The results of the National Assessment of Educational Progress (NAEP) — also known as the Nation’s Report Card — are out.  “Like any other test I am careful about reading too much into the results,” according to JC Bowman, Professional Educators of Tennessee.   He added: “Researchers will keep analyzing data, looking at maps, and searching for trends.  In the end, Tennessee did not see statistically significant changes in its 4th and 8th grade math or reading scores. We did decline in 4th grade math scores.” Tennessee was one of 10 states that saw a decline in scores in grade 4 math.  Nationally, Tennessee ranks 34th in fourth-grade math and reading; we were 35th nationally in eighth-grade math, and 38th nationally in eighth-grade reading.  This NAEP assessment was taken in January 2017, and the next NAEP exam will be administered in January 2019. NAEP is currently transitioning from paper and pencil to digitally based assessments, similar to assessments in Tennessee.   Commissioner Candice McQueen pointed out “we know where we are and have more granular information on better assessments.”   Overall, Tennessee shows a record of improvement on NAEP over the last decade.

Civil Rights and Tennessee

The dream of Martin Luther King Jr. did not die in Memphis in 1968, it is still alive in 2018.    

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On April 4, 1968, we commemorate the 50th anniversary of the assassination of Dr. Martin Luther King, Jr.  King was shot and killed in Memphis.  Tennessee has played a seminal role in Civil Rights, that we often fail to appreciate.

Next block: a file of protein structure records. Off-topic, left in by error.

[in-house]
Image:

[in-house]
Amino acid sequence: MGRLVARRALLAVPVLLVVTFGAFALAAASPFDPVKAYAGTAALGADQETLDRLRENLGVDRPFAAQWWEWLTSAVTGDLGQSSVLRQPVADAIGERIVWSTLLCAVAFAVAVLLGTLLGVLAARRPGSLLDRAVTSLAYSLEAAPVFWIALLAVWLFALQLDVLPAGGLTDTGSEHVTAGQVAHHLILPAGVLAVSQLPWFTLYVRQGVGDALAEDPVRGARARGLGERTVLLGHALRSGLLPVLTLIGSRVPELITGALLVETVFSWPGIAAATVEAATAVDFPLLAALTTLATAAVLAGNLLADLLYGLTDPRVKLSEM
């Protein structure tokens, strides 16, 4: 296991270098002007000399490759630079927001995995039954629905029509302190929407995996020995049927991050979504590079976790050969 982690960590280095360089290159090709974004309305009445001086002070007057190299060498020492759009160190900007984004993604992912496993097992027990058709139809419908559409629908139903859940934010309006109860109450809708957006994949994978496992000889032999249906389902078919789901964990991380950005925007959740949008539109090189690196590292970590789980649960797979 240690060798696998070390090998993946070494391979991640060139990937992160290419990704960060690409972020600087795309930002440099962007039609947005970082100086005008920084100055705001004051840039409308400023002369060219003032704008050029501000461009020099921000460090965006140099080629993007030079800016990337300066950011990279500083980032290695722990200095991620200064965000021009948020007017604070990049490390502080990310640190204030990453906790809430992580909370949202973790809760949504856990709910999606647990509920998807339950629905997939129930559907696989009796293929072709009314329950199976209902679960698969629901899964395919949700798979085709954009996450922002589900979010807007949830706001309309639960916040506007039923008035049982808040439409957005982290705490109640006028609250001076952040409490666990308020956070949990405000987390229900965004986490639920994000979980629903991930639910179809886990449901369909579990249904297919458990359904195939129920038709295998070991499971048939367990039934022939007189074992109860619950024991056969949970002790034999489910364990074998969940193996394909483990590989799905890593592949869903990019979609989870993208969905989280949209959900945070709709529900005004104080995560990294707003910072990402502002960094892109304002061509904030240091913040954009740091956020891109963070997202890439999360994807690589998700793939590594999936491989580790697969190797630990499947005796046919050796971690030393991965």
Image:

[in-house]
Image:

The ground breaking 1954 Supreme Court case Brown v. Board of Education of Topeka was the case in which the Supreme Court Justices ruled unanimously that racial segregation of children in public schools was unconstitutional. It signaled the rightful end of the “separate but equal” principle set forth in the 1896 Plessy v. Ferguson case.  The Ferguson case constitutionally allowed laws barring African Americans from sharing the same buses, schools and other public facilities as whites — known as “Jim Crow” laws— and established the separate but equal doctrine that would stand for the next six decades.

Linda Brown, then a nine-year-old girl, became the face of the issue.  Ms. Brown died at age 75 on March 25, 2018.   Her national legacy in Civil Rights went far beyond public education.  Brown said in a 1985 interview: “I feel that after thirty years, looking back on Brown v. The Board of Education, it has made an impact in all facets of life for minorities throughout the land. I really think of it in terms of what it has done for our young people, in taking away that feeling of second class citizenship. I think it has made the dreams, hopes and aspirations of our young people greater, today.”

Few people know the role Tennessee played in Civil Rights and public education.  Avon Williams, Jr., a Knoxville, Tennessee native, became a cooperating attorney for the NAACP Legal Defense Fund in 1949 and began a long career in civil rights activism. In 1950, four years before the Supreme Court outlawed school segregation in Brown v. Board of Education, Williams filed Tennessee’s first public school desegregation suit such case when he sued to integrate the public schools in Anderson County, Tennessee. (McSwain v. Board of Anderson County).

Williams’ first cousin, Thurgood Marshall, was the chief lawyer for the Legal Defense and Educational Fund of the NAACP.  Marshall later became the first African-American to serve on the US Supreme Court.  Williams and Marshall worked closely on racial discrimination cases.  Williams went before the Supreme Court seven times to argue cases involving discrimination in public schools, public housing or other public accommodations.  In 1955, Williams, Marshall and Z. Alexander Looby, a fellow African American lawyer focused on civil rights, filed suit Kelley v. Board of Education against the Nashville city schools on behalf of African American children.